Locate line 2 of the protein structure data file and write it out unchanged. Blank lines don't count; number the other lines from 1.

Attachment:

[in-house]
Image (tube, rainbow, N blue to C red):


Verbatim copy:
Image (tube, rainbow, N blue to C red):